During a visit to Baghdad on Monday, Secretary of Defense Ashton Carter announced another 560 U.S. troops would be headed to Iraq to assist with the forthcoming assault on the Islamic State stronghold of Mosul.
Reuters reports that most of these new troops will work from the Qayara air base, which was recaptured from ISIS over the weekend by Iraqi government forces, with U.S. air support. Qayara is about 40 miles from Mosul.
“With these additional U.S. forces I’m describing today, we’ll bring unique capability to the campaign and provide critical support to the Iraqi forces at a key moment in the fight,” Carter said from Baghdad, anticipating that the additional American boots would hit the ground within “days and weeks, not months.”
“We’re going to need airfield operations, and if you want to go in concentric circles around that we’re going to also have a logistics footprint there to facilitate the flow of goods and supplies and personnel through that airfield,” explained Army Lt. Gen. Sean MacFarland, the top U.S. commander in Iraq, as quoted by the Washington Post.
“We’ll have a security envelope around that. We’ll have a communications capability there and a command-and-control or headquarters unit there, as well. There’s nothing really very sexy in any of that, but it’s all very necessary to keep the campaign moving forward,” MacFarland continued.
The Washington Examiner cites Pentagon officials who hope the new American deployment will mark a “tipping point” in the war against ISIS.
Confidence in the Iraqi army was greatly increased by their “surprisingly easy victory” in Qayara. A force of about 50 Iraqi tanks was able to catch the Islamic State’s fighters by surprise after a bold dash up the western side of the Tigris River. It has been described as the largest Iraqi armored operation since Saddam Hussein invaded Kuwait in 1990.
As for the degree of American involvement in the operation, beyond providing air support, the Washington Post reports that some “U.S. advisers based at Camp Speicher” near Tikrit were on hand, and Iraqi commanders are under orders to keep many details of the operation secret.
“Carter, who famously castigated the Iraqi forces a year ago for showing ‘no will to fight’ when Ramadi fell to the Islamic State, was singing their praises in remarks to the U.S. military advisers who have been helping to rebuild an Iraqi Army that was riddled with corruption and plagued by self-doubt last year,” the Examiner writes.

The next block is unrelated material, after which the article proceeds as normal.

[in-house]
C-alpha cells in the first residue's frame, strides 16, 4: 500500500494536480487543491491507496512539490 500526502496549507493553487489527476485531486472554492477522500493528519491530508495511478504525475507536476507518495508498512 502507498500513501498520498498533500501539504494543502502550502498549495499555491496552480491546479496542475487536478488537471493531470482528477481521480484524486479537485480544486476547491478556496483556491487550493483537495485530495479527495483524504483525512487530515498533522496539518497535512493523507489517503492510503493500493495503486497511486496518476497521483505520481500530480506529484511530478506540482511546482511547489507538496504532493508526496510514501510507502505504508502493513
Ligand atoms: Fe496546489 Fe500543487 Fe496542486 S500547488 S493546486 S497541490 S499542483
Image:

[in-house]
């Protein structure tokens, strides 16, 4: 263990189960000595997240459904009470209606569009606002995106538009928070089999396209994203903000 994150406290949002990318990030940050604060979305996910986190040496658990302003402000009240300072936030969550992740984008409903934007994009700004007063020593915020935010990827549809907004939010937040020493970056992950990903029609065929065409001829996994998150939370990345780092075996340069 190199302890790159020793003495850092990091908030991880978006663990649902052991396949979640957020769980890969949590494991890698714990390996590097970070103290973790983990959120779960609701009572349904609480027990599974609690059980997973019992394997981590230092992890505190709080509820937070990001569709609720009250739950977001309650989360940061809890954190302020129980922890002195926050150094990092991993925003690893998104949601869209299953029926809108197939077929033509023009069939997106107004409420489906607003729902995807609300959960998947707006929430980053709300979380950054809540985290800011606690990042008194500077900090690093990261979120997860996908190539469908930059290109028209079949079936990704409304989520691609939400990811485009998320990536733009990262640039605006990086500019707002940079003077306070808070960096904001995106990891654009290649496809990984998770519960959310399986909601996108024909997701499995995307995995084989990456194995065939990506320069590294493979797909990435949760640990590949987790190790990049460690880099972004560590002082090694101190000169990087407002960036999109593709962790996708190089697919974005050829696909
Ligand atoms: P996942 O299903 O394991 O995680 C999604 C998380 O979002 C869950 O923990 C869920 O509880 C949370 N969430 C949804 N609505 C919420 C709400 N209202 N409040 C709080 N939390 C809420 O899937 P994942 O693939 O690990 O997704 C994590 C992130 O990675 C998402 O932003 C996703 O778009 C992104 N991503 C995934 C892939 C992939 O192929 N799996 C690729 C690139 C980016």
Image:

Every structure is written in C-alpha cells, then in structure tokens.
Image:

“This is a huge victory for the Iraq forces, and a huge boost to their self-confidence. Last year we were pushing for them to retake Ramadi, and it wasn’t happening. Same thing with Fallujah. But when they won in Fallujah, and it was easier than expected, they began to believe, ‘Hey, we can beat these guys,'” said a Pentagon official.
Hidden behind these upbeat revised assessments is a previously under-reported sense of gloom about the Iraqi military’s ability to retake Mosul, without causing a horrendous civilian bloodbath.
The Qayara base is nicely situated to provide tight U.S. command-and-control over Iraqi forces, while the Kurdish peshmerga hits Mosul from the other side. The Washington Post notes that Qayara is also a large enough airfield to handle large cargo planes, unlike other facilities held by the Iraqis in the area. With some 500 U.S. troops holding the position, it is less likely to be retaken by ISIS during a counterattack, if the Iraqis under-perform, and ISIS fighters are less likely to think recapturing Qayara is a possibility.
The Washington Post notes that when announcing the increase of 560 U.S. troops, Defense Secretary Carter “did not rule out that MacFarland could temporarily base additional forces in Iraq that do not count against troop limits set in the United States – something that gained attention in March as the Marines set up a fire base southeast of Mosul at Makhmour.”
Even then, it only came to the attention of the American public because one of the Marines, Staff Sgt. Louis Cardin, was killed by an ISIS rocket attack.